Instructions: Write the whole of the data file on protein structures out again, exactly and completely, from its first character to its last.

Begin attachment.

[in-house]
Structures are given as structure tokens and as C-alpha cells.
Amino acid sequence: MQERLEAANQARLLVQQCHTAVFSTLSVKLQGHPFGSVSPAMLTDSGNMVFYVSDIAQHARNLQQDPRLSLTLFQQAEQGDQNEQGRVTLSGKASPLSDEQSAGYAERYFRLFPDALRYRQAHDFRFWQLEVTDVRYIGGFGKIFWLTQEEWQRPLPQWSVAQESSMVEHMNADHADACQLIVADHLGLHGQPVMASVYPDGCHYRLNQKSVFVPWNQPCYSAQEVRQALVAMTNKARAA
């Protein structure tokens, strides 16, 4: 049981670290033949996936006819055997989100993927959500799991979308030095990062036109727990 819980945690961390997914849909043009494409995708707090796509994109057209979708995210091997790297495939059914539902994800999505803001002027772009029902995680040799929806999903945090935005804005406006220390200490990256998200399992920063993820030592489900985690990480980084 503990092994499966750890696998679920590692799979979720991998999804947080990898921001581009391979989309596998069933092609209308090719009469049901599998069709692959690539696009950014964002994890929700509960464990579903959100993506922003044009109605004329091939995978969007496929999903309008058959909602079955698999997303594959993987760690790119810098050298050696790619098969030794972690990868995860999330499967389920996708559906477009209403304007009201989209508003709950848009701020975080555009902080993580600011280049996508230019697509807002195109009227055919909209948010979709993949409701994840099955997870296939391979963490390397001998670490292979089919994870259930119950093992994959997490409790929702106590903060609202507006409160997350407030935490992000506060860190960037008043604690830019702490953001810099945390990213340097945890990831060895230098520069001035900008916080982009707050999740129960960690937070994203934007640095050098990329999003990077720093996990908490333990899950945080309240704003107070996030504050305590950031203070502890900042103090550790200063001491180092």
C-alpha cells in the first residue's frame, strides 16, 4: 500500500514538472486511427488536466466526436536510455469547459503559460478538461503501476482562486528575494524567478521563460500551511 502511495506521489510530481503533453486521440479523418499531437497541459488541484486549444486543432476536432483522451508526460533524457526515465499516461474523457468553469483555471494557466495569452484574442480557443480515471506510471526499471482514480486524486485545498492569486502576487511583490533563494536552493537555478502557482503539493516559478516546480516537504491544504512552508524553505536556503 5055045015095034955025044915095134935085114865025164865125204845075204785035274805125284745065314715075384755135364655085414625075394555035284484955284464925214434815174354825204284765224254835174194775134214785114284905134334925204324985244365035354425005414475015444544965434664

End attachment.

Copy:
[in-house]
Structures are given as structure tokens and as C-alpha cells.
Amino acid sequence: MQERLEAANQARLLVQQCHTAVFSTLSVKLQGHPFGSVSPAMLTDSGNMVFYVSDIAQHARNLQQDPRLSLTLFQQAEQGDQNEQGRVTLSGKASPLSDEQSAGYAERYFRLFPDALRYRQAHDFRFWQLEVTDVRYIGGFGKIFWLTQEEWQRPLPQWSVAQESSMVEHMNADHADACQLIVADHLGLHGQPVMASVYPDGCHYRLNQKSVFVPWNQPCYSAQEVRQALVAMTNKARAA
């Protein structure tokens, strides 16, 4: 049981670290033949996936006819055997989100993927959500799991979308030095990062036109727990 819980945690961390997914849909043009494409995708707090796509994109057209979708995210091997790297495939059914539902994800999505803001002027772009029902995680040799929806999903945090935005804005406006220390200490990256998200399992920063993820030592489900985690990480980084 503990092994499966750890696998679920590692799979979720991998999804947080990898921001581009391979989309596998069933092609209308090719009469049901599998069709692959690539696009950014964002994890929700509960464990579903959100993506922003044009109605004329091939995978969007496929999903309008058959909602079955698999997303594959993987760690790119810098050298050696790619098969030794972690990868995860999330499967389920996708559906477009209403304007009201989209508003709950848009701020975080555009902080993580600011280049996508230019697509807002195109009227055919909209948010979709993949409701994840099955997870296939391979963490390397001998670490292979089919994870259930119950093992994959997490409790929702106590903060609202507006409160997350407030935490992000506060860190960037008043604690830019702490953001810099945390990213340097945890990831060895230098520069001035900008916080982009707050999740129960960690937070994203934007640095050098990329999003990077720093996990908490333990899950945080309240704003107070996030504050305590950031203070502890900042103090550790200063001491180092």
C-alpha cells in the first residue's frame, strides 16, 4: 500500500514538472486511427488536466466526436536510455469547459503559460478538461503501476482562486528575494524567478521563460500551511 502511495506521489510530481503533453486521440479523418499531437497541459488541484486549444486543432476536432483522451508526460533524457526515465499516461474523457468553469483555471494557466495569452484574442480557443480515471506510471526499471482514480486524486485545498492569486502576487511583490533563494536552493537555478502557482503539493516559478516546480516537504491544504512552508524553505536556503 5055045015095034955025044915095134935085114865025164865125204845075204785035274805125284745065314715075384755135364655085414625075394555035284484955284464925214434815174354825204284765224254835174194775134214785114284905134334925204324985244365035354425005414475015444544965434664